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Forbes reveals the richest women in the world

Abigail Fenton
Alice Walton at the 2018 Guggenheim International Gala. Photo: Scott Rudd/Sipa USA/PA Images
Alice Walton at the 2018 Guggenheim International Gala. Photo: Scott Rudd/Sipa USA/PA Images

Francoise Bettencourt Meyers, the French heiress of cosmetics giant L’Oreal (OR.PA), has overtaken Walmart heiress Alice Walton as the richest woman in the world.

According to Forbes, which released its annual list of the world’s billionaires on Tuesday, the granddaughter of L’Oreal founder Eugene Schueller is now the 15th-richest person alive, with a net worth of $49.3bn. The ranking was previously held by her mother Liliane Betterncourt until her death in 2017, at which point Walton went from the second-richest to the richest woman on the planet.

However, having come into her mother’s fortune, Betterncourt Meyers has claimed the spot for herself. The heiress, who has served on L’Oreal’s board since 1997 and is chair of the family holding company, owns 33% of L’Oreal’s stock, which in 2018 recorded its biggest sales growth in a decade.

READ MORE: How Kylie Jenner became the world’s youngest self-made billionaire at 21

Walton, the daughter of Walmart founder Sam Walton, came runner-up to Betterncourt Meyers, and 17th overall, with a net worth of $44.4bn. Walton and her brothers Jim and Rob – who also placed – have a combined net worth of well over $100bn, mostly due to their stakes in the retail giant.

Unlike her brothers, who placed 16th and 18th, respectively, Walton does not work for Walmart but curates art and has a personal art collection valued at hundreds of millions of dollars.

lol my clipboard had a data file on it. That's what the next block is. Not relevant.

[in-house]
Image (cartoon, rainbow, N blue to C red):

In third place, Jacqueline Mars owns a third of the world’s largest candy-maker, the eponymous Mars company. The heiress, who worked for Mars for 20 years and served on its board until 2016, is the 33rd richest person in the world with a sweet $23.9bn to her name.

READ MORE: Trump rises 51 spots on Forbes billionaires list — but his net worth stays flat at $3.1bn

Mars shares the position with brother John, who also owns a third of the $35bn company founded by their grandfather Frank in 1911. Late brother Forrest Jr. owned the final third until his death in July 2016, whereupon it was split between his own heirs.

Yang Huiyan, who owns 57% of real estate developer Country Garden Holdings, took 42nd place on the rich list, and is the fourth richest woman in the world, with a net worth of $22bn.

BMW heiress Susanne Klatten – who owns 19.2% of the automaker – is also the sole owner of chemical company Atlanta AG, which rakes in more than $2.5bn a year in sales. Additionally, Klatten owns stakes in wind turbine maker Nordex AG and carbon product manufacturer SGL Group. This puts her at number 46, with a net worth of $21bn.

READ MORE: The richest people in the world for 2019

Laurene Powell Jobs, who placed 54th on the rich list, inherited her $18.6bn net worth from late husband and Apple CEO Steve Jobs.

Further down the list at number 71 is Fidelity Investments CEO Abigail Johnson, with $15.6bn. Johnson, whose grandfather Edward Johnson II founded the Boston-based mutual fund 1946, owns almost a quarter (24.5%) of the company, which has just short of $2.5tn in assets.

Iris Fontbana inherited a $15.4bn net worth from late husband Andronico Luksic, who made a fortune in mining and beverages. Fontbana and her two living sons control Chilean copper mining group Antofagasta, and have a majority stake in Chilean conglomerate Quinenco.

READ MORE: Ocasio-Cortez: A system that allows billionaires to exist alongside extreme poverty is immoral

Australian mining magnate Gina Rinehart is the 75th richest person on the planet and the richest person in Australia, with $15.2bn.

Kwong Siu-hing, widow of Sun Hung Kai Properties CEO Kwok Tak-seng, took 78th place with a $15.1bn net worth. Siu-hing is the company’s biggest stockholder, with a $26.58% share.

Heiress and executive director of beer giant Heineken, Charlene de Carvalho-Heineken, is the last woman on the Forbes’s rich list list at number 89, with a net worth of $14.2bn. Carvalho-Heineken inherited a 23% controlling stake in 2002, when her father and longtime CEO Freddy Heineken passed away.